4. Then, lastly, the name of the other son of Odin, the mighty and warlike Thor, strengthens all the foregoing conclusions. Ninyas, the son of Ninus or Nimrod, on his father's death, when idolatry rose again, was, of course, from the nature of the mystic system, set up as Adon, “the Lord.” Now, as Odin had a son called Thor, so the second Assyrian Adon had a son called Thouros (Cedrenus, vol. i., p. 29) (Ѻ) . The name Thouros seems just to be another form of Zoro, or Doro, “the seed;" for Photius tells us that among the Greeks Thoros signified “Seed” (Lexicon, pars i., p. 93). The D is often pronounced as Th. Adon, in the pointed Hebrew, being pronounced Athon.”

In 1885, Henry William, in his The British Israelites, building on Alexander, says the following: [3]

“Odin or Wodin, the Scandinavian war-god, after whom one of the days of the week, viz., Wednesday (Wodnes-dag), was called ; as also several places in England, such as Wanborough (formerly Wodnesbrorh) in Surrey ; Wednesbury in Staffordshire ; Woodnes-borough in Kent, &c., had two sons Balder and Thor (Thors-day, Thursday). Balder is Chaldaic for Baal Zer, "the seed of Baal." Now Baal and Adon both mean lord,—" the seed of Baal," therefore, signifies " the seed of Adon." Now Nimrod, the great war-god of Babylon, is known as Adon (which is synonymous with Odin) who also had a son called Thouros. Again, " Nimrod, in the character of Bacchus, was regarded as the god of wine ; Odin is represented as taking no food but wine" (Two Babylons, App. JJ.) We thus observe the identity of the Scandinavian god Odin and Adon of Babylon.”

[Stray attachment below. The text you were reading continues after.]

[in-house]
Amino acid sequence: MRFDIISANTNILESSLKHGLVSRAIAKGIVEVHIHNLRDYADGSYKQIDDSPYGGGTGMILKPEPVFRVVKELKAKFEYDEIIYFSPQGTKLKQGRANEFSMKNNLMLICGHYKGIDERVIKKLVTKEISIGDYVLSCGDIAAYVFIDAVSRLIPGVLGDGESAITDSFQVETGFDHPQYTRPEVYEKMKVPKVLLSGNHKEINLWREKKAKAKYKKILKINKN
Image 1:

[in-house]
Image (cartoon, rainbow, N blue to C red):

1. Bryant, Jacob. (1807). A System: an Analysis of Ancient Mythology (pg. 204). Publisher.
2. Hislop, Alexander. (1853). The Two Babylons: the Papal Worship Proved to be the Worship of Nimrod and his Wife (Note L: Odin and Adon, pg. 503-504; Tammuz, Nimrod, Osiris, pg. 506). S.W. Partridge and Co, 1871.
3. William, Henry J. (1885). The British Israelites: Evidences of Our Hebrew Origin (pg. 37). Publisher.
4. Philomathes. (1845). The Connexion Between Revelation and Mythology Illustrated and Vindicated (pg. 42). Publisher.
5. Thims, Libb. (2018). “Eye of Thor (Horus) and Odin (Atum-Ra)” (Ѻ), Atheism Reviews, Mar 22.

External links
Thor – Wikipedia.